Our text may be used in a wide variety of academic departments. For example, political science and criminal justice instructors may find our text particularly useful because, unlike other introduction to law texts, we nest our exposition of particular legal subfields within the broader context of American constitutional law, federalism, and the protection of civil rights and liberties. We also address how judges make decisions by providing competing explanations from both normative and empirical perspectives.
We designed this text as an alternative for professors in business administration programs who want to offer their students a broader view of the legal environment. We offer chapters on aspects of the law governing the conduct of business, such as negotiable instruments, secured transactions, employee discrimination, securities regulation, antitrust law, contracts, and federal income taxation. Unlike typical business law texts, however, our text also includes substantive chapters on criminal conduct, property, and interpersonal relations as well as providing a political context for understanding that law and government are two sides of the same coin. Many instructors who wish to provide their students with a realistic understanding of the business world realize that this goal is best served when students are made familiar with all aspects of law and government. We trust that this goal is facilitated by our treatment throughout the text of the main contours of the American system of constitutional government.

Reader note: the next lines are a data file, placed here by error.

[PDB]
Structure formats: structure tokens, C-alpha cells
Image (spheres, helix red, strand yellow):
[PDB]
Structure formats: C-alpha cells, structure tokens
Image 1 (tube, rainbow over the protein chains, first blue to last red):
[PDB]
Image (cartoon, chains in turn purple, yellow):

This book may also serve as an introductory text for legal studies and paralegal programs. Social scientists and humanists will find this text useful because it raises important social, economic, and political issues in both real and hypothetical situations. Moreover, these conflicts are resolved in a variety of national and state jurisdictions, not just by the U.S. Supreme Court.